"Yes, miss; its dreadful-like. But it's not so much the pain as I mind. I'm used to that, yer know. Father beat me every day a'most, when he was drunk. But the doctor says I'm too ill for 'im to 'ave any 'opes for me, and I'm mighty afeard to die."
"If you had a friend who loved you, and you were well, would you be afraid to go and stay with him, Willie?"
"Why no, I'd like to go, in course."
"I have brought you a message from a Friend, who has loved you all your life long. He wants you to trust him, and to go and live with him. He will love you always, and you will always be happy."
Then the lady read Tiny's text, "_Suffer the little children to come unto me, and forbid them not._" She told him how Jesus had died, and then had risen again, and had gone to heaven, to prepare a place for _him_, and for many other children. She told him how Jesus is still saying "Come," and his hand is still held out to bless.
So Willie turned to the Good Shepherd, and was no longer afraid. A few days afterwards he whispered--"Lord Jesus, I am coming;" and he died with Tiny's text in his hand.
That little girl used the talent that was given her, and it helped to bring a soul to Jesus.
EVERY TALENT USEFUL.
"Though little I bring, Said the tiny spring, As it burst from the mighty hill, 'Tis pleasant to know, Wherever I flow, The pastures are greener still.
"And the drops of rain As they fall on the plain, When parched by the summer heat, Refresh the sweet flowers Which droop in the bowers, And hang down their heads at our feet.
"May we strive to fulfill All His righteous will, Who formed the whole earth by His word!
We would ever be Thine, And serve Thee--our G.o.d, and our Lord!"
Let us never forget this third lesson from Olivet, the lesson about,--the talents.
_The fourth, and last lesson from Olivet is the lesson about_--THE REWARDS.
The parable tells us that when the Master came back, and reckoned with his servants, he said to each of those who had made a right use of his talents:--"Well done, good and faithful servant, thou hast been faithful over a few things, I will make thee ruler over many things; enter thou into the joy of thy lord." In the parable in St.
Luke we are told that the servant who had gained ten pounds was made ruler over ten cities; and he who had gained five pounds was made ruler over five cities. This shows us that G.o.d will reward his people, hereafter, according to the degree of faithfulness with which each one shall have used the talents given to him. And this is the lesson which the apostle Paul teaches us when he says that, "Every man shall receive _his own reward_ according to _his own labor."_ I.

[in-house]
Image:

Cor. iii: 8.
All the willing, loving servants of G.o.d will receive a crown of life when Jesus comes to reckon with them. But those crowns will not be all alike. They are spoken of as "crowns of gold:" Rev. iv: 4; as "crowns of glory:" I. Peter v: 4, and as "crowns of life:" Rev. iii: 11. But still there will be very great differences between these crowns. Some will be simply crowns of gold, or of glory, without any gems or jewels to ornament them. Some will have two or three small jewels shining in them. But, others again will be full of the most beautiful jewels, all glittering and sparkling with glory. And this will all depend upon the way in which those who wear these crowns used their talents while they were on earth, and the amount of work they did for Jesus. There is an incident mentioned in Roman history about a soldier, which ill.u.s.trates this part of our subject very well.
"The Faithful Soldier and His Rewards." This man had served forty years in the cause of his country--of these, ten years had been spent as a private soldier, and thirty as an officer. He had been present in one hundred and twenty battles, and had been severely wounded forty-five times. He had received fourteen civic crowns, for having saved the lives of so many Roman citizens; three mural crowns, for having been the first to mount the breach when attacking a fortress; and eight golden crowns, for having, on so many occasions, rescued the standard of a Roman legion from the hands of the enemy. He had in his house eighty-three gold chains, sixty bracelets, eighteen golden spears, and twenty-three horse trappings,--the rewards for his many faithful services as a soldier. And when his friends looked at all those honors and treasures which he had received, from time to time, how well they might have said as they pointed to those numerous prizes--that he had "received _his own reward_, according to _his own labor_," and faithfulness! And so it will be with the soldiers of the cross, who are faithful in using the talents given them by their heavenly Master.